wastes, speeding up the healing process and lessening pain.
Infections and inflammations can also be treated with alternating hot and
cold. The hot and cold also stimulates the action of the germ-killing white
blood cells, helping them to do their job better.
A congestion headache, or almost any pain caused by congestion or swelling,
can be treated by applying cold over the affected area while at the same time
immersing the feet in hot water up over the ankles. The cold tends to
"push" the congestion away while the heat draws or "pulls"
it away, thus equalizing the circulation and reducing the swelling and pain.1
The body recycles all but about 10 of the 40,000
glasses of water that it uses every day. About 400 gallons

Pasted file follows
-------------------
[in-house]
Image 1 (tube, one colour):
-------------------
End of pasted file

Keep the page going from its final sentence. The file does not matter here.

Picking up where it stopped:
of blood pass through the kidneys each day, and about 50
gallons is actually filtered. Of this amount only about 56
cups of water are lost in the urine. Another 2 cups is
exhaled through the lungs in the form of water vapor, half a
cup is lost through the bowels and 2 cups are evaporated from the skin
through the 2 million sweat glands located there. Of the 10 cups of water lost
per day, we gain about three cups in the food we eat and another one and a half
is available as a byproduct of energy metabolism. This leaves five and a half
cups of water per day that must he replaced by drinking water. Of course this is
the minimum requirement. Ills a healthful idea to drink more than that to insure
that we have all we need.
Several factors can increase our daily need of water. Living in a hot, dry